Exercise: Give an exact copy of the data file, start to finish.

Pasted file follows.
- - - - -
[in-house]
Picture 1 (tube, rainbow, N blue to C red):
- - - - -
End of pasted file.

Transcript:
[in-house]
Picture 1 (tube, rainbow, N blue to C red):